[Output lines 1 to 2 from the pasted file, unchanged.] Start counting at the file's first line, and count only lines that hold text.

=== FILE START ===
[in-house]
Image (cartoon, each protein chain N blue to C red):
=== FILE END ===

[in-house]
Image (cartoon, each protein chain N blue to C red):